Mandated nurse staffing ratios are the wrong approach to patient safety
Around the clock, highly-trained teams of healthcare professionals converge on patients who desperately need their care. Nearly 24,000 patients seek care in New York State’s emergency rooms each day, with 6,000 patients sick enough to require inpatient admission. Those new admissions, combined with the tens of thousands of patients already occupying inpatient beds, illustrate the constant imperative to keep patient safety top of mind.
Proponents of mandated nurse-to-patient staffing ratios would have state policymakers believe these ratios are the best way to keep patients safe. Not only is this wrong, but this outdated, myopic proposal would take New York backward on the progress underway with other broadly-supported, evidence-based approaches to improve patient safety.
High-quality, patient-centered care is the number one priority of New York’s hospitals, which have been working for years to improve patient safety, with positive results. For instance, the New York State Partnership for Patients (NYSPFP), created in 2011, has helped more than 175 participating hospitals make significant gains toward the nationwide goals of reducing hospital-acquired complications and preventable readmissions. As a result of this long-term, broad-based effort, doctors, nurses, and other caregivers better understand the evidence-based steps needed to deliver the highest quality care and improve patient outcomes.
The healthcare community has also embraced the importance of a safety culture that values critical thinking and recognizes the essential link between proper training and a supportive culture to ensure proper execution.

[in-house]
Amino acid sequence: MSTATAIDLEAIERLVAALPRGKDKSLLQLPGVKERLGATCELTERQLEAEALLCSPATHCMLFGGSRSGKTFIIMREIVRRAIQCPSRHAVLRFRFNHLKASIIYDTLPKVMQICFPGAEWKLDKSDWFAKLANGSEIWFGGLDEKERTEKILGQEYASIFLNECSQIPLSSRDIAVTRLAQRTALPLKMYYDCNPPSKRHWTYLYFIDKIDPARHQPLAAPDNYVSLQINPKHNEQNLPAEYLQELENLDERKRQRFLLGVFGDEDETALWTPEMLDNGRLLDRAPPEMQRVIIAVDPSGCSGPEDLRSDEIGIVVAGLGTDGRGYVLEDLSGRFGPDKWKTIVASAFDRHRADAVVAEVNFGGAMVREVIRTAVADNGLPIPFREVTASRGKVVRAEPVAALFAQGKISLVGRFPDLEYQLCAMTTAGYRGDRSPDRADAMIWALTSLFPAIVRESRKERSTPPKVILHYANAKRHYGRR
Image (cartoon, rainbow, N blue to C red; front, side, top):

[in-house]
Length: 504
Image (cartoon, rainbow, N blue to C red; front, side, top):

The effort to create this culture exists in other high-risk industries that must reliably achieve safe outcomes, such as aviation. For example, the calm, precise approach of Captain Tammie Jo Shults on Southwest Airlines Flight 1380 last week didn’t happen by accident. Years of training and a culture that supported her decisive actions enabled Captain Shults and her team to effectively respond and protect their passengers.
In healthcare, the effort to enhance this safety culture has manifested in hospitals’ pursuit of high reliability. Many New York hospitals are already on their journey toward high reliability, voluntarily driving that progress, because that approach has been proven to work.
As described by the Agency for Healthcare Research and Quality (AHRQ), high reliability organizations “work to create an environment in which potential problems are anticipated, detected early, and virtually always respond early enough to prevent catastrophic consequences.” The culture of high reliability empowers caregivers through the principle of deference to expertise to those on the front lines of care.
We need to support work cultures that recognize the important contributions of all caregivers, not just some. Responding to the conditions of the moment requires a certain type of expert nimbleness, so that teams with the appropriate mix of expertise are always available to deliver patient care. This agility must extend to all - not just the physicians and nurses, but the case managers, respiratory therapists, and others who directly and indirectly impact patient care. The inflexible, one-size-fits-all approach of mandated staffing ratios fails to consider recent advances in how care is organized and delivered and fails to consider improved care models on the horizon.